This river is also unknown to us today. It compasses the whole land of Cush. The word Cush is often used of the land of Ethiopia, but this would create a geographical problem in this context. Another place that also goes by the name of Cush is the land of the Cassites, sometimes spelled Kassites, and also known as the Cosseans. This is located east of Mesopotamia and east of the Tigris River. This particular Cush is the one intended, as it fits the geography rather well.

The third river is named in verse 14: And the name of the third river is Hiddekel: that is it which goeth in front of Assyria. And the fourth river is the Euphrates.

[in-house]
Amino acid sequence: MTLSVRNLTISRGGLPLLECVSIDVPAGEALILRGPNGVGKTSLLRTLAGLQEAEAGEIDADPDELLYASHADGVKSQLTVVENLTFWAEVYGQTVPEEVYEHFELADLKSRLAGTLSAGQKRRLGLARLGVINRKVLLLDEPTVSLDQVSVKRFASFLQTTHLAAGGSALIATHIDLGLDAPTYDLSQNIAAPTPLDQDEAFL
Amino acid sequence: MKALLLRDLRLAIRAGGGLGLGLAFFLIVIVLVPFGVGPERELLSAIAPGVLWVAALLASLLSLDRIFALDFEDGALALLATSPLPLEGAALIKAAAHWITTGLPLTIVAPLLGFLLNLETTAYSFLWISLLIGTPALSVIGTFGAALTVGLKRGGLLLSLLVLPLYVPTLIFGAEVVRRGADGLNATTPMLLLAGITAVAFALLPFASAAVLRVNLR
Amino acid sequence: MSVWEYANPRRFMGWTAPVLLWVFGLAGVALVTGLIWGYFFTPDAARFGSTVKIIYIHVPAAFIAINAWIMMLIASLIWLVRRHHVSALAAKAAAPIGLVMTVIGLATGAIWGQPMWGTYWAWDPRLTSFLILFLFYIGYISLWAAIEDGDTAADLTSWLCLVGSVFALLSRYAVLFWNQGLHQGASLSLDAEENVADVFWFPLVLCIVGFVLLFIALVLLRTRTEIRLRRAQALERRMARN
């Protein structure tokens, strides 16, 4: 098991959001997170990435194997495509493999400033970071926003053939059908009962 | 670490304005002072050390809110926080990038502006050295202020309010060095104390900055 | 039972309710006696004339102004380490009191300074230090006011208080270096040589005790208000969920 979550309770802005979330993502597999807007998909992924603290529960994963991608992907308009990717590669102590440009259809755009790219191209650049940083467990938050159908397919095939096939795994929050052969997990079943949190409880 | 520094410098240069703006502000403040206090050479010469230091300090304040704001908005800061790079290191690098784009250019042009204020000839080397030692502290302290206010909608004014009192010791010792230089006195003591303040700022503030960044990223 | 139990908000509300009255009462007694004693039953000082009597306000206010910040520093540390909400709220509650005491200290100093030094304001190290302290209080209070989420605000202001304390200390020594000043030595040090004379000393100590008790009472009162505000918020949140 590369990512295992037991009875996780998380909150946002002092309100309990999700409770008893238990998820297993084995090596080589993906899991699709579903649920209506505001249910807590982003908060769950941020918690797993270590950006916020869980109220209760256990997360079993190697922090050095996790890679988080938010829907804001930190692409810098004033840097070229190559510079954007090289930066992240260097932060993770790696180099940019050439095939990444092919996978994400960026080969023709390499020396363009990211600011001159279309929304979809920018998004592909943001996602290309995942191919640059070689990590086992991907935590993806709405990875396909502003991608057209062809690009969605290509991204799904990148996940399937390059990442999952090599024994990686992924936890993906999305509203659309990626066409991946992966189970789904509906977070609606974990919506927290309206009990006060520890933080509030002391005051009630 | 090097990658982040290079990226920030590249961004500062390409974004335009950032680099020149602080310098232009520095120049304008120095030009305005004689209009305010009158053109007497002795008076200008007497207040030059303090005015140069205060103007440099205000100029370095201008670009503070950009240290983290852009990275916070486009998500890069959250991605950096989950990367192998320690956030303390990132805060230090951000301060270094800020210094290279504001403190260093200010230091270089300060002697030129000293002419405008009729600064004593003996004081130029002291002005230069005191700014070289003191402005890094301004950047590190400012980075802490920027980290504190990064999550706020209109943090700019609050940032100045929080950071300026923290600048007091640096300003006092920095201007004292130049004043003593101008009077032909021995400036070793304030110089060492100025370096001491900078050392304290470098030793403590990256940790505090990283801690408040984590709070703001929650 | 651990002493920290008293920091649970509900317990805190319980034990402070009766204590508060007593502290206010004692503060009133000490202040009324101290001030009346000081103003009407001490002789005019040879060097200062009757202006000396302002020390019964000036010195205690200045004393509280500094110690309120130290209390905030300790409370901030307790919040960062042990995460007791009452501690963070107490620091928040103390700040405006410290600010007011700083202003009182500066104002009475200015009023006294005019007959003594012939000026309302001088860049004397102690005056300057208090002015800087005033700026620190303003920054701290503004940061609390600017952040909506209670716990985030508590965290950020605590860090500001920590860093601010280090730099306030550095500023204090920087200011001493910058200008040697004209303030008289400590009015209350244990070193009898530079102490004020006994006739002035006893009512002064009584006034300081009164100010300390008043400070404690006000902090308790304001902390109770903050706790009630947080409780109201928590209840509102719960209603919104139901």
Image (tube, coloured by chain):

This river is known today as the Tigris River. It is that which goes in front of Assyria; the Tigris River is in Assyria, which is modern day northern Iraq.

And the fourth river is the Euphrates in verse 14b. This river is well known today; it is located in ancient Babylonia or what is modern day southern Iraq. These are the four rivers, two of which are known to us and two of which are not. The geographical differences, in all likelihood, are due to the effects of the Noahic Flood, which changed the geography at that time.

To summarize the description of the garden in Eden, it was a very well watered garden. Because Adam would till the ground, he would not need to go very far to find water. Furthermore, trees were already planted there, which were pleasant to the eyes and good for food. What is learned of the trees of the garden is that God deliberately created a place for both sustenance and for beauty to be enjoyed.